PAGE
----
Steam engines, Dickens, and television

Today’s post follows on from yours truly having read and enjoyed Rivers of London, Ben Aaronovich’s delightful and quirky novel. One area that features heavily in the book is Covent Garden, in particular Long Acre, so let’s take a brief look at them. Covent Garden (or the convent garden) was an area of seven acres of land that once belonged to the Abbots of Westminster and may have been used for both of the seemingly at odds purposes of kitchen garden and burial place.

The first purpose seems obvious from the name; the second was presumed following the 19th-century discovery of human bones. Part of the Abbots’ land was Long Acre; this, like Bow Street, was named for its shape, which was long and narrow. It was originally called The Elms, Elm Close, and then The Seven Acres, and an avenue of tall elms was reported to have stood on the line taken by the current road.

Building began on Long Acre in the early 17th century, and, like the Covent Garden area in general, the street became a fashionable place to live. One of its residents was Oliver Cromwell, who lived there from 1637 to 1643.

The aristocrat and writer Lady Mary Wortley Montagu, who was baptised at St. Paul’s Church in Covent Garden, also lived there; according to a newspaper of 1731, “A few days ago the Right Hon. the Lady Mary Wortley Montague set out from her house in Covent Garden for the Bath”.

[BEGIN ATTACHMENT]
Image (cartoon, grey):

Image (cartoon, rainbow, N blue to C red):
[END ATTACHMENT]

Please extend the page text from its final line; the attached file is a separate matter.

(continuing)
Long Acre was also key to some important industries: it was once a centre for coach makers, one of whose customers in 1668 was Samuel Pepys, and it was later the home of Merryweather & Sons, builders of steam fire engines and steam tram engines. St Martin’s Hall, a theatre with an entrance in Long Acre, is where Charles Dickens made his first appearance as a public speaker; he appeared on behalf of the Great Ormond Street Hospital for children.

More recently, the first television broadcast in Great Britain was made from Long Acre on 30 September 1929. It was a triumphant moment for John Logie Baird, after experimenting with a television set that consisted of projection lamps in an old biscuit tin and a motor in a tea chest.

The legacy of Peter Pan

This day in London’s history: on 6th November 1897 Peter Pan opened at the Empire Theater in New York. The connection with London? Barrie moved here in 1885 when he was 25 and his literary career developed here.

There is a statue of Peter Pan in Kensington Gardens, where Barrie met the Llewelyn Davies family; he developed the character of Peter Pan to amuse George and Jack, two of the five young brothers. Barrie remained friends with the family – the story of this relationship was made into a movie in 2004, starring Kate Winslet and Johnny Depp.

Peter Pan Kensington Gdns

Barrie gave the rights to the Peter Pan works to London’s Great Ormond Street Hospital, which receives royalties every time a production of the play is put on, as well as from the sale of Peter Pan books and other products. (Coincidentally, Johnny Depp was said to have given one million pounds to the hospital when it saved the life of his daughter whose kidneys had failed following a bout of e coli.)

There is a statue of Peter Pan in Kensington Gardens, which was supposed to have been modelled upon old photographs of Michael, another young Llewelyn Davies, dressed as the character. However, a different child posed for the sculptor, and Barrie was disappointed with the statue.

There is a Blue Plaque at 100 Bayswater Road, where Barrie lived.

Paddington: 100 Bayswater Road
Photo courtesy of Open Plaques